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Gas Prices Lurch Forward on Concerns about Venezuela and Falling Oil Supply


Gasoline prices in the United States got another boost in the last week, rising in an overwhelming majority of states, with the national average increasing four cents to $2.31 per gallon, the highest level since mid-June as oil prices close in on $50 per barrel.

“The upward climb at pumps across the country has largely continued as crude oil prices rallied and stand within striking distance of $50 per barrel,” said Patrick DeHaan, senior petroleum analyst for GasBuddy. “The rise in oil has come due to unrest and concern over the political outlook in Venezuela, a major supplier of crude oil to the U.S., due as well to Saudi Arabia’s export cut to six million barrels per day. Add on top of it U.S. oil inventories that have declined over 50 million barrels from March and you have a recipe for a continued rally in gasoline prices in much of the country. Watch for some volatility in oil and gasoline prices in the weeks ahead, especially with what’s going on in Venezuela. August will likely feature the summer’s highest gasoline prices.”

Data from the Energy Information Administration (EIA) showed a large drop in crude oil inventories of 7.2 million barrels, taking them to the second lowest weekly level this year, their lowest since the first week of January. Oil inventories have fallen to over 50 million barrels since March alone, likely as OPEC production cuts and high demand have eaten away at ample inventories. Gasoline inventories also declined 1 million barrels to 230 million barrels or 5% below last year’s level. The drop in petroleum inventories was larger than analysts expected and prices reacted by climbing to nearly $50 per barrel, an 8% rise on the week, which will likely mean gasoline prices will continue to rise across the country.

States with the largest weekly increase in average gasoline prices versus a week ago: Ohio (+11 cents), Michigan (+10 cents), Indiana (+9 cents), Florida (+8 cents), Illinois (+8 cents), Kentucky (+8 cents), Maine (+5 cents), West Virginia (+5 cents), New Hampshire (+4 cents) and Massachusetts (+4 cents).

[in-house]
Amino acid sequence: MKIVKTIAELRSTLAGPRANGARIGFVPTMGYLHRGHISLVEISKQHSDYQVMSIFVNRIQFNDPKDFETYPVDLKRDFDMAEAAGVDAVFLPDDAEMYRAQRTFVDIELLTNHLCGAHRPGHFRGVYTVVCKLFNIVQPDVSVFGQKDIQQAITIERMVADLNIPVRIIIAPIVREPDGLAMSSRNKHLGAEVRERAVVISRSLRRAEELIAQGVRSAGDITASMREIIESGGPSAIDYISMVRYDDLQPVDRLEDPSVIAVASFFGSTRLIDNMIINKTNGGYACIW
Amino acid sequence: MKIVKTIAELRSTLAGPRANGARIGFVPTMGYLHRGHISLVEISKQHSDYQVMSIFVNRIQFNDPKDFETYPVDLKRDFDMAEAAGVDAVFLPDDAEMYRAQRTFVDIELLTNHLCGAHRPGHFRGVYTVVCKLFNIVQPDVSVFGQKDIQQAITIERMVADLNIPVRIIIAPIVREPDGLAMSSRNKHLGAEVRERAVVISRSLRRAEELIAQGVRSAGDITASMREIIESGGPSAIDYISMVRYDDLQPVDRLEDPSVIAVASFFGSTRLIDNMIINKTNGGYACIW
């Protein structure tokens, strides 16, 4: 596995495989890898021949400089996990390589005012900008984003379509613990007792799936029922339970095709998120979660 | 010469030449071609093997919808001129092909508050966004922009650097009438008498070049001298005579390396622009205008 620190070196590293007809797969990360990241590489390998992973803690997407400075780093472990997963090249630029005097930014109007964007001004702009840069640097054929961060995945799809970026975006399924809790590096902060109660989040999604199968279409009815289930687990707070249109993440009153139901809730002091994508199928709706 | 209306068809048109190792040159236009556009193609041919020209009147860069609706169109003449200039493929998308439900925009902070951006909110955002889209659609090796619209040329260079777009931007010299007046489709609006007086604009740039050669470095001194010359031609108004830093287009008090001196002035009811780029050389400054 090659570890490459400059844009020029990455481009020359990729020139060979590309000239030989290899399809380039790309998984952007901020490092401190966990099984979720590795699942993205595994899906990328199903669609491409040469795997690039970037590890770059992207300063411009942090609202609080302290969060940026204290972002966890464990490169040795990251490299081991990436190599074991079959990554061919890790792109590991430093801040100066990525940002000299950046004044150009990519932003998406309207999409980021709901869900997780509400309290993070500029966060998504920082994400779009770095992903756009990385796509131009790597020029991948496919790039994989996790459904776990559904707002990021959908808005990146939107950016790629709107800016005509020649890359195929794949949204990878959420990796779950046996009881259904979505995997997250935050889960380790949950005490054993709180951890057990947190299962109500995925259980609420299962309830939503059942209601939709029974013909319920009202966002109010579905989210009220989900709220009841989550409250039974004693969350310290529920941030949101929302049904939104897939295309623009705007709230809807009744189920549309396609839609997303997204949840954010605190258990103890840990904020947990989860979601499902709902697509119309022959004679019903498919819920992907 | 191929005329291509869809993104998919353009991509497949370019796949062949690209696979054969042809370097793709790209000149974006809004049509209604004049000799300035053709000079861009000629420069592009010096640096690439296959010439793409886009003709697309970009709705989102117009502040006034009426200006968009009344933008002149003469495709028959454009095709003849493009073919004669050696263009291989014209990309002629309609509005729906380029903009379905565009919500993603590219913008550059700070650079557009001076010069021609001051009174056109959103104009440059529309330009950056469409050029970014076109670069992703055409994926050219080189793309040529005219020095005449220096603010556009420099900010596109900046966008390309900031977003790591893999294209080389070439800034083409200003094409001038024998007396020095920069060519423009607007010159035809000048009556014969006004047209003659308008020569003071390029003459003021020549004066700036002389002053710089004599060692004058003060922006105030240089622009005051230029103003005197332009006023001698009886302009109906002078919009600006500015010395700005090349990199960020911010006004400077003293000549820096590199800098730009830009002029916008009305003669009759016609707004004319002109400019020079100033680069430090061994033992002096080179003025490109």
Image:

The states with the cheapest average gasoline prices are: South Carolina ($2.02), Alabama ($2.03), Mississippi ($2.03), Arkansas ($2.06), Oklahoma ($2.06), Missouri ($2.06), Tennessee ($2.07), Virginia ($2.10), Louisiana ($2.11) and Texas ($2.11).

Oil prices opened Monday with West Texas Intermediate crude oil falling 26 to $49.45 per barrel at press time. Last week’s decision by Saudi Arabia to cut oil production was a factor in the weekly rise, as was the ongoing political turmoil in Venezuela, which will be closely watched moving forward as President Trump’s Administration threatens sanctions against Venezuela, should Venezuela President Maduro win elections to expand his power to rewrite the constitution and install more of his supporters into power. Meanwhile, the number of oil rigs in the United States increased by 2 to 766 according to Baker Hughes. The number of rigs now stands more than double where it was a year ago (374).

Back at the pumps across the United States, motorists will likely see the bulk of gas prices moving higher again, with the exception being in the Great Lakes where prices spiked last week and should drift lower before the threat of another major rise towards the weekend, contingent on where oil prices move.

Head of Petroleum Analysis (USA)

Patrick has developed into the leading source for reliable and accurate information on gas price hikes. Patrick has been interviewed as a gasoline price expert hundreds of times since 2004. Based in Chicago, Patrick brings to GasBuddy all his assets to help consumers by giving reliable and accurate price forecasts, including the San Jose Mercury News dubbing Patrick "one of the nation's most accurate forecasters" in 2012.